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Practising Word Formation and Combinations with Idioms!

by Chou Sing Chu Foundation


Chou Sing Chu Foundation Board Member Dr Ho Soo Guang is a veteran Chinese educator who has previously served in Singapore’s Ministry of Education. In an op-ed piece published in Lianhe Zaobao on 8 January 2018, titled “Student Survey on Commonly Used Chinese Words”, he offered his suggestions on the building up of the Chinese vocabulary of students, believing that repetition is the basis of such learning, and that their vocabulary can be greatly improved through frequent word formation and word combinations.

In Singapore, where the proficiency in Chinese seems to be declining by the day, the time children spend on learning the language is insufficient. Coupled with the limited number of new words found in Chinese textbooks (a total of about 1,800 words from Primary 1 to 6), this means that students are not able to learn Chinese effectively through repetition in learning with their textbooks.

Since the number of new words students learn is limited, it is a challenge to ensure that they master the Chinese language with their limited vocabulary. Therefore, students must consciously combine different words and put them to use in order to expand their vocabulary further. In fact, the usage of the words can be simple, and mastering it can enable the students to learn much more effectively. For example, while “万家” and “灯火” have individual meanings (“numerous homes or houses” and “lights” respectively), they can be combined into a single evocative idiom (“万家灯火”) that describes a night view dotted with the lights from the countless houses.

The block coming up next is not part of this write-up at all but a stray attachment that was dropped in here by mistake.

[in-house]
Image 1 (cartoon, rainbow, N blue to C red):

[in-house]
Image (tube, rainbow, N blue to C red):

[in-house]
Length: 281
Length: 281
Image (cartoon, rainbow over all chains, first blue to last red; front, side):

Understanding Chinese Idioms without Rote Memorisation

Another way of learning word formation and combinations is to learn Chinese idioms. Idioms that are commonly used are generally not as difficult, and students can build a foundation for their learning through the use of idioms to enrich their use of Chinese. However, even everyday conversations will become confusing without a sound understanding of the meaning of these idioms. For instance:

  • The expression “八九不离十” may literally means that the numbers eight and nine are not far from ten, but it is used to denote the approximate nature of something, such as in an act of guessing.
  • Why is it that when a bad deed or plot has been discovered, we use “东窗事发”, which refers to an eastern window (“东窗”)? The idiom is a reference to the “East Window Plot”, a story of how Qin Hui and his wife conspired to frame Yue Fei while sitting by the eastern window.
  • Why are the students of teachers referred to with the term “桃李”, meaning “peaches and plums”? This is from the Chinese saying “百年树人”, which compares the nurturing of people by teachers to the cultivating of trees, and is a metaphor for its outcome.
  • Why are the meanings of “守望相助” and “唇齿相依” so similar? Do they have anything to do with “唇亡齿寒”? (Connecting one idiom to another in the learning process, students can learn about synonyms and antonyms in one go.)

Many students find learning Chinese idioms challenging, but this is mainly because they do not know the stories behind the formation of these idioms, which in turn makes it hard to understand their meaning.

In just a few words, Chinese idioms pass down the interesting stories that they are derived from through the generations. Without understanding these stories, primary school students have to learn nearly 200 idioms in their syllabus by rote memorisation. As a result, they may struggle to grasp the full meaning of each idiom, and are likely to make mistakes in their usage. Learning Chinese idioms requires patience. After all, haste makes waste. Instead, by taking it a step at a time, coupled with the right method, success will come steadily.

The pursuit of knowledge is never-ending. Start practising word formation and combinations today!